INTA Signs Cooperation Agreement with China Trademark Association, Encouraging Ongoing Cooperation

Published: July 15, 2019

In furtherance of global collaboration, INTA President David Lossignol (Novartis Pharma AG, Switzerland) and China Trademark Association (CTA) President Ma Fu recently signed a cooperation agreement-establishing a framework for ongoing cooperation in the areas of education, training, and information-sharing. This agreement serves to strengthen and deepen the well-established relationship between the two entities, which has been ongoing for many years.

INTA Engages with Senior China Delegations

In anticipation of INTA’s 2019 Annual Meeting, receptions were held across China from late March to early May in three major intellectual property (IP) hubs: Beijing, Shanghai, and Shenzhen. Each of these presented highly engaging offerings on some of the most relevant topics to local jurisdictions. all in all, these events drew more than 400 participants from the IP community.

At the 2019 Annual Meeting, INTA engaged with a high-level, extremely diverse group of Chinese official delegations from Chinese IP government departments, including the China National Intellectual Property Administration (CNIPA), which houses the China Trademark Office (CTMO); the State Administration for Market Regulation (SAMR); and the Chinese judiciary.

Five sets of senior officials (with three at the Director-General level) and influential policy makers were represented at the Annual Meeting, along with key policy makers in the fields of trademark prosecution and administrative enforcement. These groups, with whom INTA has been working for many years, are profoundly influential in shaping China’s IP restructuring.

This year also marked the first time that two crucially important lower courts of Beijing (the Beijing Intellectual Property Court and the Beijing High Court) attended the Annual Meeting along with the Supreme People’s Court

The Annual Meeting facilitated ongoing conversations between Chinese senior IP officials and INTA leadership and members, by conducting a series of productive discussions on key IP developments with various INTA committees to further the positive development of trademarks and other IP legislation.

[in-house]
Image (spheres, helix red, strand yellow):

In addition, representatives of three industry associations: the China Trademark Association (CTA), Quality Brand Protection Committee, and the China Anti-Infringement & Anti-Counterfeit Innovation Strategic Alliance, participated in general sessions as well as welcome receptions.

Commitment to Fight Against Bad-Faith Trademark Applications

Since the internal restructuring of the CTMO in March, the Trademark Review and Adjudication Board and Trademark Examination and Coordination Center ceased to exist, and merged into a broadened CTMO to function in the name of CNIPA. Three officials from these organizations led delegations to the 2019 Annual Meeting, not only to attend the TM5 Users’ Meeting (a multilateral cooperation forum of the five largest trademark offices in the world) but also to conduct a productive meeting with China TOPC Subcommittee members-sending across the clear message of CNIPA’s strong commitment to cracking down on bad-faith trademark applications in China as reflected in the Fourth Amendment to the E-Commerce Law of the People’s Republic of China.

The Director General of the Law Enforcement and Inspection Bureau (which was recently reorganized under the SAMR) paid his first overseas visit in that role to the 2019 Annual Meeting. He met with the members of INTA’s Anticounterfeiting-China Subcommittee to discuss responsibilities and work priorities in the coming months. The Law Enforcement and Inspection Bureau is tasked with organizing and overseeing investigations and enforcement against major cases of national implication, or those which have trans-provincial/municipal geographical reaching. IP rights enforcement against trademark, geographical indications or patent infringement, counterfeiting, and unfair competition that violate consumers’ rights, also falls under the jurisdiction of the Bureau.

Three important judges from China participated in the Judges Workshop at the Annual Meeting to share their experience developing strategies for tackling bad-faith trademark applications, and insights on the opposition appeal system and precedents in China. The Beijing Intellectual Property Court has the widest exposure to those cases with foreign litigant elements. Moreover, the court promulgates internal guidelines within the court system that indicates of future case trends.

INTA’s China Representative Office based in Shanghai represents the Association’s 235 members in China. Working in collaboration with staff at INTA’s headquarters in New York City, the China Representative Office leads the Association’s policy, membership, marketing, and communications initiatives in these jurisdictions. To learn more about INTA’s activities in China, please contact INTA’s China Representative, Monica Su at [email protected] or Vicky Dai at [email protected].

Although every effort has been made to verify the accuracy of items in the INTA Bulletin, readers are urged to check independently on matters of specific concern or interest.

© 2019 International Trademark Association